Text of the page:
Safe Commuting Offshore

August 25, 2019

Ampelmann’s gangway systems can be used for transfers to both fixed and floating installations. (Photo: Ampelmann)
Ampelmann’s gangway systems can be used for transfers to both fixed and floating installations. (Photo: Ampelmann)

The inherent risk associated with working in an offshore environment for oil, gas and wind energy production means transfer methods must fully consider and overcome challenges such as wind speed, sea state, visibility, temperature and vessel movement to achieve the safe and smooth transfer of personnel. In particular, operators and vessel owners are realizing the crucial safety and efficiency benefits that gangway systems, which connect a vessel to an asset, provide. When compared to conventional methods such as rope swings, it can deliver significantly better safety, operating and cost benefits, says offshore access solutions provider Ampelmann.

For the past decade, the Netherlands-based company has helped to enable the walk-to-work (W2W) movement through its fully motion-compensated gangway systems. Inspired by aerospace technology, the unique hexapod technology was conceived based on the idea of a flight simulator turned upside down. This is capable of measuring and compensating all six degrees of freedom of a moving vessel: surge, sway, heave, roll, pitch and yaw.

Confronting extreme environments
Gangway systems are now widely used offshore in regions including the North Sea, West Africa, Gulf of Mexico and the Middle East. This is due to their cost-effectiveness, wider operating window, and generally higher safety standards. In April, the Dutch offshore service provider announced it had enabled the safe transfer of five million people and 10 million kilograms of cargo worldwide.

The gangway technology employs six hydraulic cylinders on a hexapod to measure and compensate for any vessel motion. It then quickly corrects mobility to ensure the system has zero movement meaning smooth and comfortable journey to and from the workplace.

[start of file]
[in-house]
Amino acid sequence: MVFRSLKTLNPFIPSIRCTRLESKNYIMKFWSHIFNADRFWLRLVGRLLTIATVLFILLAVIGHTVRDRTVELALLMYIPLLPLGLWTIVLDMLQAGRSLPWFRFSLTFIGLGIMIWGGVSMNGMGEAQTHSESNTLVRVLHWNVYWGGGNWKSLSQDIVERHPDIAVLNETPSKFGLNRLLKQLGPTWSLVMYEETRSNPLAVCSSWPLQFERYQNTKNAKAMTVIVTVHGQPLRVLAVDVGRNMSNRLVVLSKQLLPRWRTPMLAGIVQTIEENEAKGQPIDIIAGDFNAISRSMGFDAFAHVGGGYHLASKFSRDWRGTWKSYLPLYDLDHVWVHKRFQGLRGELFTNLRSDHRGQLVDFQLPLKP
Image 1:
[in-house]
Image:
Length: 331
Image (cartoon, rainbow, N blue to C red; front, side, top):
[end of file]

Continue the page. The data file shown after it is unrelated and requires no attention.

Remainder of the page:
High sea states and extreme weather conditions and environments can often cause costly delays for offshore personnel traveling by helicopter or rope and basket methods. The innovative motion compensation means the systems can be used in the harshest of environments.

The original A-type gangway can compensate up to 3 meters significant wave height and transfer 20 people in under five minutes from a vessel to a fixed or floating object. It is suited to a wide range of applications and was recently mobilized on a Micoperi multipurpose support vessel (MPSV) Ocean Star, to enable the hook-up and commissioning of an oil and gas platform. The project, which marked Ampelmann’s first contract in Mexico, enabled the safe transfer of more than 9,000 people over the duration of 110 days. The campaign experienced no technical downtime, resulting in maximum efficiency of operations.

The E-type gangway system is 1.5 times larger than the A-type. Its robust design is able to withstand harsh weather conditions which other W2W methods cannot. It can operate in 4.5 meters significant wave height and transfer a full shift of up to 40 people in 15 to 20 minutes.

The system was installed last year on the Olympic Orion vessel in the North Sea to support a decommissioning campaign for end client Spirit Energy. An E-type was also mobilized in Norway this year for DeepOcean to support the hook-up and commissioning of the Valhall Flank West (VFW) project, operated by Aker BP. This marked the company’s first project in Norway. It is currently supporting the Normand Jarstein vessel enabling the transfer of key personnel to the normally unmanned installation. Around 100 workers have been safely transferred from the vessel to the platform, with more than 1,300 crossing successfully completed during the first hook-up phase, which lasted nine days.

Driving efficiencies
While safety remains the highest priority, efficiency gains are continuously sought as operators aim to reduce operational time and risk, and improve flexibility. The E1000, which can transform from a gangway into a crane boom for cargo transportation, employs remote-controlled hydraulic pin pushers to fixate the gangway booms in less than one minute with a single button and can operate in wave heights up to 4.5 meters.

The W2W market steps up
At a time when the oil and gas industry is being pushed to find new and innovative ways of working, Ampelmann’s W2W solutions continue to create greater cost and safety benefits for operators which can then be passed down the supply chain. The hexapod technology has unlocked the full freedom in motion compensation to ensure the safe transfer of personnel and cargo anywhere in the world.

The E1000 system in cargo transfer mode (Photo: Ampelmann)

This article has been published in the July/August 2019 edition of Offshore Engineer magazine

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